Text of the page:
The (subtle) power of relationships: the story of a photographer

Fabian Pfortmüller
Together Institute
Published in
3 min readApr 20


Photo by Harold Wijnholds

A few weeks ago I was fortunate to spend three days with an amazing group of network weavers from the BMW Foundation. I walked away with many beautiful moments from our time together. And yet there is one conversation that I’m still thinking about: a chat with Marc, the photographer. Many gatherings these days have someone present to document the experience and capture photos and videos. And Marc was there to do that. But his involvement felt very different. He wasn’t there just as another contractor. He’d been with this group for many years and documented countless gatherings across the globe. Many people in the group knew him and Marc knew them. Marc was part of our lunches, dinners and circles. The interaction between him and the participants felt different. It felt relational instead of transactional.

I constantly think about the question: What becomes possible when we are more in relationship with each other? And I have experienced the immense power of relationships as groups collaborate and people support each other. And yet Marc made me realize that there must be innumerable examples of the power of relationships that are way more subtle.

Even somewhat simple (and often rather transactional) interactions such as a photographer at events are transformed into something more profound when done in a relational way. I felt the comfort that participants had with Marc being around. They allowed him to be present in vulnerable and sometimes tense moments. At times they actively invited Marc into their circle when having off-the-records conversations. They were having fun with him. They played with the camera. They took photos of him.

I realized the subtle but impactful difference this makes at a different gathering with a different group. Thirty of us were in conversation when I noticed that we had two photographers swarming around, one whom I had briefly met, the other I didn’t know. It felt invasive. The space felt a tiny bit less safe.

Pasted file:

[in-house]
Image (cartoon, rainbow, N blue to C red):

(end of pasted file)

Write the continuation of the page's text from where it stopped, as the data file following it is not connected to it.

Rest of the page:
What difference does it make?

Will we be able to tell the difference in the quality of photos? Maybe, maybe not. And yet I sense it matters. While it might not make the photos better, I’m convinced that a relational approach changes the spirit of the group. In a small way it contributes to creating an inviting and caring space. And it helps nurture the soil for bigger possibilities to emerge.

This, of course, isn’t about photos. It’s about how we treat the people we work with. And maybe behind this is a simple mantra for relational design: If we want to design for the relational wellbeing of a group, we have to relationally include all elements of the system. Also the photographer. And the logistics person who has been organizing day and night for weeks. And the admins who helps the group behind the scenes throughout the year. And the board member who holds power. And the kids our members care for. Because otherwise we create an us and a them.

I’m celebrating this example and the people at BMW Foundation who chose to invest into this relationship. Because having Marc there didn’t happen by accident, it was a strategic decision. A decision to stick with the same photographer. An investment into that relationship.

What future would become possible if we included all our contractors in such a relational way?

Thank you

A big thank you to Marc for his inspiration and reading a draft of this story.

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Fabian Pfortmüller
Together Institute

Grüezi, Swiss community weaver in Amsterdam, co-founder Together Institute, co-author Community Canvas, |